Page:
Boar, hog, pig, or swine; wild or feral!
Whatever you call it, they all wallow in mud and destroy vegetation. Though they are all biological descendants of Sus scrofa, they can be differentiated depending on their genetics and environment. A pig is usually referred to as the barnyard variety; a boar is a non-castrated male that lives in the wild, a hog is simply a large pig or boar, and a piglet is a juvenile swine. And what about the wild and feral acronyms? All wild pigs are generally known as wild boars, however, escaped domesticated pigs are strictly called feral pigs or feral swine. They're not true boars as they belong to the subspecies Sus scrofa domesticus. Now, coming to the wild boars of the United States, they are a mixture of domestic breeds and European wild boars. When these two races mix, they produce what's called super-pigs. And the problem with these hybrids is you get all of the best benefits of each breed.
Six million to nine million wild boars are wreaking havoc in at least 39 states and four Canadian provinces, half of them inflicting damages worth $400 million annually in Texas alone. They destroy recreational areas, frightening tourists in state and national parks occasionally and squeezing out other animals.
Domestic pigs vs. wild boars
Domestic pigs have been bred to be fertile year-round, have big litters, and grow large. Wild hogs are seldom as large as domestic pigs; adults weigh 150 to 200 pounds on average, with a few reaching more than 400 pounds. Males tend to be larger than females. Though farmers limit their diets in captivity, they can fatten up as they please when they're at liberty. Wild pigs have poor eyesight but excellent hearing, a strong sense of smell, detect odors up to seven miles away or 25 feet underground, and longer snouts useful for rooting. They can run at speeds of up to 30 miles per hour in a sprint.
Most domestic pigs have sparse coats, but descendants of feral hogs grow thick spiky hair in cold environments. Wild hogs grow four curved "tusks" up to seven inches long, which self-sharpen from constant grinding. These are removed from domestics when they are born. Those who have reached sexual maturity develop a "shield" of dense tissue on their shoulders that hardens and thickens (up to two inches) with age; it protects them during fights.
Wild hogs have no natural predators in America, and no legal poisons may be used to kill them. Their populations are growing alarming, with peaks in the breeding cycle during spring and fall. Sows (adult females) begin reproducing at 6 to 8 months of age and have two litters of four to eight piglets every 12 to 15 months for the rest of their lives, ranging from 4 to 8 years. Within two or three years, even porcine populations that had been decreased by 70% have recovered to full strength.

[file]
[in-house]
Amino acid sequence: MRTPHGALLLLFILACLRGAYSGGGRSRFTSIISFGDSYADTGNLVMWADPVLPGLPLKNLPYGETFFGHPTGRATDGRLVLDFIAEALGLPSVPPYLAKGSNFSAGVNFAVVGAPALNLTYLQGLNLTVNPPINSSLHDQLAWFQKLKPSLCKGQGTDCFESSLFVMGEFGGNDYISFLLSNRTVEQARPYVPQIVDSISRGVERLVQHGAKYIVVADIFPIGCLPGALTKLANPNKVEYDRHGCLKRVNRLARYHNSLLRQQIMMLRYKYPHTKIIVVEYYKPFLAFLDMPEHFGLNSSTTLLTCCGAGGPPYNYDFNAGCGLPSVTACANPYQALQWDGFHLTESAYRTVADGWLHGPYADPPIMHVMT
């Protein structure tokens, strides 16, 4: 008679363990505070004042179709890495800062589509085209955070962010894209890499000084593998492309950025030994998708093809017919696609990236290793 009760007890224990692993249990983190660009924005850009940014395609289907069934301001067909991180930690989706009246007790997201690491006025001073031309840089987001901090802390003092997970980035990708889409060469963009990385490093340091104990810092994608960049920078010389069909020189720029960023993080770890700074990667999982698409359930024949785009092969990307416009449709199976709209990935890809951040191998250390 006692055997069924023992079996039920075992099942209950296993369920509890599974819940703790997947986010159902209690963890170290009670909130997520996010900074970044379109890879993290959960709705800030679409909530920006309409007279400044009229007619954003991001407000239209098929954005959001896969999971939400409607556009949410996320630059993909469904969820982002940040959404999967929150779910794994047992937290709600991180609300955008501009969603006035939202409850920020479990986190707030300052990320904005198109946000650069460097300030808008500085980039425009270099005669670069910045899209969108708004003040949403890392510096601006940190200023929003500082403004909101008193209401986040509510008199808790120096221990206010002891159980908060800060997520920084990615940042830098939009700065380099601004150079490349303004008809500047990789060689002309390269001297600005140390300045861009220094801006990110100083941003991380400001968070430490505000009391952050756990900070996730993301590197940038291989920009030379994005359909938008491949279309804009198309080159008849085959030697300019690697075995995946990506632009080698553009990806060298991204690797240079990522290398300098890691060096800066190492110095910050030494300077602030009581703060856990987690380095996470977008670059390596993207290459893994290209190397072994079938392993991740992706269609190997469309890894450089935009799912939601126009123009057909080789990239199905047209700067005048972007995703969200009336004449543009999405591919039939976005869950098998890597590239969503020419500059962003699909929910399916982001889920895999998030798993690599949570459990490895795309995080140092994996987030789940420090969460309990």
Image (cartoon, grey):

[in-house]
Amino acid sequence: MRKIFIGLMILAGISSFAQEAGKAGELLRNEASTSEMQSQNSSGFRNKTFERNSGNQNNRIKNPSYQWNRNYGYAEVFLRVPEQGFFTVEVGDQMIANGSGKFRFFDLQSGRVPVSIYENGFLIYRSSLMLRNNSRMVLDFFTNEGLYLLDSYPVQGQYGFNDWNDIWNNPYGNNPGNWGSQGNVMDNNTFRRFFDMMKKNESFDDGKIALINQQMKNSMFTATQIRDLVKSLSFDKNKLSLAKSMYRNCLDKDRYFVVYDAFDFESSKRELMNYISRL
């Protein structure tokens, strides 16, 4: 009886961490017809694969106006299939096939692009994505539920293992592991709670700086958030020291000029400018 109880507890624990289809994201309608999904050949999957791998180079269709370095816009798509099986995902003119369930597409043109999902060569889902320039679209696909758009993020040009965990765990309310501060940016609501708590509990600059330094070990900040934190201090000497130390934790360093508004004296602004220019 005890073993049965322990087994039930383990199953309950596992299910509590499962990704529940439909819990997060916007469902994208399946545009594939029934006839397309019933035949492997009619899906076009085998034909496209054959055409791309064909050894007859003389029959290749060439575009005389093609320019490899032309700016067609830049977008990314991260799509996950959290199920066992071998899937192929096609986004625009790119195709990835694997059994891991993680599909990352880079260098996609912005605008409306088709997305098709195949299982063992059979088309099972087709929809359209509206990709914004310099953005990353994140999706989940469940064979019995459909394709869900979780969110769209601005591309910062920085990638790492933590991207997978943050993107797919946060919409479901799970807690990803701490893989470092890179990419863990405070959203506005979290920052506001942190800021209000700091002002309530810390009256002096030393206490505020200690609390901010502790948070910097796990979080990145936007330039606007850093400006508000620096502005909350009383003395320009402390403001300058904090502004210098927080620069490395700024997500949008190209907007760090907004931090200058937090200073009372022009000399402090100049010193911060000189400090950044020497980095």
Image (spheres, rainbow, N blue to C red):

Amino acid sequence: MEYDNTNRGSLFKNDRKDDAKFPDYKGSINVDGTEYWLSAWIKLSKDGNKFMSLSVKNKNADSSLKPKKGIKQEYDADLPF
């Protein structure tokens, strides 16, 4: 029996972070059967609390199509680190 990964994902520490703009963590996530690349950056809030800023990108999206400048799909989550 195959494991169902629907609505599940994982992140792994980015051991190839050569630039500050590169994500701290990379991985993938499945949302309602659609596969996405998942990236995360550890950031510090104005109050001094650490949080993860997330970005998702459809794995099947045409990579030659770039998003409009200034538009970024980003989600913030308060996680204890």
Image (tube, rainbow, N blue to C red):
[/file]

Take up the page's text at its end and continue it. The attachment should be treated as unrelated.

Wild boars in Southeastern America
Wild or domestic, hogs are not native to the United States. They were brought to Florida in the 1500s by Spanish explorer Hernando De Soto. Free-living domestic hogs provided an exotic food source for early explorers and settlers. The early settlers of Texas let pigs roam free until they were needed; some were never recovered. Many settlers abandoned their homesteads during wars or economic downturns, leaving the pigs to fend for themselves.
Years later, in the early 1900s, Eurasian wild boars were brought to Texas and released for hunting. There are few purebred Eurasian wild boars today, but they have hybridized with free-roaming domestic animals and wild-adapted escapees. Today, hybrid populations have well-adapted and prospered throughout the wild pig’s range; in at least 45 states.
According to a report published by Sports Illustrated, there’re over 8 million wild boars in the world, and about 2.6 million of these can proudly call themselves Texans. Wild hogs are a menace that cost over $1.5 billion in damages each year in the US. These invasive boars destroy crops, landscapes, and water supplies, munching trash, attacking dogs, and running into cars.
Ever since the population has exploded in the 1980s, their popularity as game species, escape from hunting preserves, and illegal translocation to new locations encouraged their proliferation.
The state-sponsored targeted hunting and killing whole sounders of feral pigs for the sole purpose of controlling pig populations also backfired. The more people liked hunting wild pigs, the more places they looked for them. This involved capturing free swine in areas where they already existed and releasing them in areas where they did not, thus establishing populations in new territories faster than the pigs could themselves.
As a result, modern distribution maps depict isolated clusters throughout the United States. Even though the new hunting sites are fenced in, the pigs are notorious for digging their way out and escaping. Wild hogs breed too quickly that to eradicate a population, you must shoot 60 to 80 per cent of it each year. And sports hunting can only cut their numbers by 25 per cent. While many non-human predators, such as alligators, mountain lions, coyotes, and hawks, would enjoy some pig meat, there are too many pigs to go around.
The invasion of pigs is partly attributable to the animals' intelligence, adaptability, and fertility. The cunning hogs tend to thrive in practically any environment, climate, or ecosystem—the distribution range from Southeastern Texas to Florida and as far north as Wisconsin and Canada. Since water is the only thing they can't live without (aside from food), they inhabit various habitats; bottomlands, rivers, streams, ponds, and even marshes and swamps. They prefer densely forested areas where they can hide and find shade.